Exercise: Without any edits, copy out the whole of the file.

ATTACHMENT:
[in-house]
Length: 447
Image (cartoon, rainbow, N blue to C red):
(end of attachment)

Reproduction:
[in-house]
Length: 447
Image (cartoon, rainbow, N blue to C red):